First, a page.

Being an ICT-integrating teacher means going beyond ICT skills, and developing an understanding of the complex relationships between pedagogy, content and ICT (Alayyar, Fisser & Voogt, 2012). Moreover, while in most European countries centrally promoted online resources and general pedagogical support are available to guide teachers' practical implementation of innovative technology-enhanced learning in the classroom (according to TIMSS - Trends in International Mathematics and Science Study 2007) (Education, Audiovisual and Culture Executive Agency, 2011), no research literature seems to document the activation of tailored in-class techno-pedagogical tutoring to teachers during the implementation. A later study carried out on behalf of the European Commission (Pelgrum, 2010) shows that teachers often have difficulties in implementing ICT in the teaching-learning process and that they need support to accomplish this task. Finally, the outcomes of more recent research experiences (Leone, 2013) highlight that teachers perceive in-class techno-pedagogical tutoring as a basic need for the enhancement of their professional skills and, as a result, of their students’ learning.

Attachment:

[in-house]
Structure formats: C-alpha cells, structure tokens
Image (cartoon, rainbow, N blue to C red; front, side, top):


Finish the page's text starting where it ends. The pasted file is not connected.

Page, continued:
This article illustrates uProf!, a model for teachers’ professional training in ubiquitous learning by tablets and Quick Response (QR) codes. The model has been designed, implemented and successfully validated within a full-immersion, learner-centred and metacognitive course for 80 Italian high school teachers who are part of a school network for the enhancement of curriculum continuity from middle into high school.

Key Terms in this Chapter

Non-Formal Learning: Learning that takes place through education organized for specific learners with specific learning objectives, outside the formal established system.

Lifelong Learning: A holistic vision of learning in different contexts (formal, non-formal and informal) and throughout life, based on the evolution of provider-driven education toward personalised learning and aiming at improving knowledge, skills and competencies within a personal, civic, social and/or employment-related outlook.